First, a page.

If your company runs its own R&D testing or quality control lab, a digital or 3D stereo microscope could be a valuable addition, allowing you to innovate in-house and develop new foods, new flavour-binding methods, increasingly efficient packaging options, and more.

However, the cost of this new food testing technology means 3D microscopes may be more well-suited to the following two options…

R&D centres

If you run an R&D lab that works with food manufacturers, or have an in-house centralised lab, you may find it beneficial to invest in 3D digital stereo microscope technology. Likewise, if your food business is seeking R&D partners to help them innovate on all aspects of food production, new product development and/or quality control, choosing an R&D centre that is already considering uses for 3D microscopes in the food industry will allow you access to a truly game-changing technology that could inform your future product range.

Outsourced to universities and similar scientific organisations

Lastly, some universities, Food Science departments, and other educational establishments work with major food brands on aspects of food production, sustainability and preservation. If you’re involved with one, you may find significant benefits from this fledgling new food quality control technology.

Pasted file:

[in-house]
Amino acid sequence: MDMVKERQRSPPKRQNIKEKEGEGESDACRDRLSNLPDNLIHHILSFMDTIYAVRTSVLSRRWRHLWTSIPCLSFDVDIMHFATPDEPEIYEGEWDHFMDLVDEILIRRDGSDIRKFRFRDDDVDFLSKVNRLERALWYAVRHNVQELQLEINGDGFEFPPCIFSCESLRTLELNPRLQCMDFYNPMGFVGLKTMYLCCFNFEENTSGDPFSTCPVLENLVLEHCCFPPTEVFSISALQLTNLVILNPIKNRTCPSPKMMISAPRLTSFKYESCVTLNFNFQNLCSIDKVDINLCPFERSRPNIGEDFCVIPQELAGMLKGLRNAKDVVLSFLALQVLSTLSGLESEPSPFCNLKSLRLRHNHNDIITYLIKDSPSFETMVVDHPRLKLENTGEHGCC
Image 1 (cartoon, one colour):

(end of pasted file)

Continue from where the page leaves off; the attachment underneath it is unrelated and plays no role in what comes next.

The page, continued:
Are you looking to innovate within your food business?

So that’s my quick look at 3D stereo microscopy and how it could change your food business forever. It really is a potential game-changer especially when combined with AI and clever software. And the fascinating part is that new complementary technologies are being developed for it as we speak. The extra data that 3D microscopes allow food businesses will also necessitate the development of new algorithms and new artificial intelligence applications, helping to push the food industry forward into a new era of innovation and safety.

If you’ve read this piece and are curious about the potential benefits that a 3D stereo microscope could bring to your food business, please do get in contact. I’ll be happy to talk you through it in more detail, and even put you in touch with the people behind the technology itself.

Further Reading